I would argue that using the same gross movement for as many different skills/weapon manipulations as possible, is a positive benefit that outweighs the speed advantage gained by relying on the slide release lever.



A few quick things. First, as the department rangemaster and firearms instructor I should never have carried the G36 without testfiring it after making the modification. Second, I absolutely agree with everything you have stated. I do train our staff to use their gross motor skills in order to ensure that when the SHTF, they are not fumbling around. As you well know with your experience, firearms training for police is bare minimum, no fault of mine. Time and money are obviously to two largest constraints to police firearms training. I try to conduct our qualifications as closely to real as possible. If an officer fumbles and ejects a round onto the floor, he loses it. He doesn't cycle the weapon and snaps on a empty chamber, time still ticks. You have a malfunction, as long as it is not catastrophic, it's still your malfuction-deal with it. You shoot control heads or target stands and damage equipment, you're off the range. Training is different. I try to have a "back to basics" class at least twice a year and open range days prior to qualifications (it's all I'm allowed). I'm now offering a "off-duty/back-up weapon" class. Two different levels of rifle classes-a basic and a more advanced. We also have a class exclusively for women. I constantly encourage our staff to take advanced handgunning classes.

I'm not without fault obviously. I had no question to ask in this post. I was making a point: complacency and stupidity on my part could have gotten myself or someone else killed. Several of the people who replied to this post chant "stock Glock, stock Glock". But I know that's bullshit because almost every post in this forum begins with "What Glock should I get" or "What kind of modifications..." and if Glock was so perfect from the box, we wouldn't need a forum to talk about them so why are you here? Damn right the G36 isn't as fun as my G21. I still shoot my G36 more in a month than most officers will shoot their weapon in their lifetime. Trust, me it's very relative.

Some of you guys need to seriously S2 and read the posts in entirety. I don't need to be told I did something stupid when I made it plain that I had done something dumb. Here's the whole point. You make a modification to any weapon, make sure the effing thing works before you hang your life on it. NickDrak is absolutely correct. Thank you for the reply.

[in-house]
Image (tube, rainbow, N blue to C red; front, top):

Link Posted: 12/22/2005 12:42:38 PM EDT
And as a Glock Armorer, I would never install a non Glock part on a duty weapon. Even if that duty weapon was a for a non-uniform officer. Glocks run best when stock, and changes invite problems.

Most departments I know require duty guns to remain stock. There is to much liability with officers changing things around and using sub-standard parts. And why most of them require someone who knows what they're doing to inspect the guns and make any necessary changes.

Now you know why.

Link Posted: 12/22/2005 1:06:50 PM EDT
[Last Edit: 12/22/2005 2:14:56 PM EDT by NickDrak]
bcw107: Sure wish we had a rangemaster like you....

Our rangemaster is only concerned about overtime. Any time one of the other instructors sets-up a open range day, he goes and cries to our chief about how he's not respected as the rangemaster and should be in charge of all range days, and for some reason the chief caters to him.

In six years with my dept. I have not been allowed to "qualify" with a off-duty weapon because the rangemaster refuses to do so.

I am in the process of filing a union grievance for failure to train, and am trying to get examples of other (more progressive) departments training programs to file with the grievance to give them an idea of what we should be doing. Any additional ideas would be appreciated. You can email me with any suggestions at ndrak@comcast.net
Link Posted: 12/22/2005 5:01:00 PM EDT
NickDrak. Email inbound. I'll talk to you some more next week.